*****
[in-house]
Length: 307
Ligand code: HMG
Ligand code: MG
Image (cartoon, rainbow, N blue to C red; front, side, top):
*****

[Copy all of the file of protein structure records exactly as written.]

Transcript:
[in-house]
Length: 307
Ligand code: HMG
Ligand code: MG
Image (cartoon, rainbow, N blue to C red; front, side, top):